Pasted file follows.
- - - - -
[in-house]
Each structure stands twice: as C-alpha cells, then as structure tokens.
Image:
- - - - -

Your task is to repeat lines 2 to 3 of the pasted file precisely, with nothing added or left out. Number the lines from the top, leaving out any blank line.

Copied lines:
Each structure stands twice: as C-alpha cells, then as structure tokens.
Image: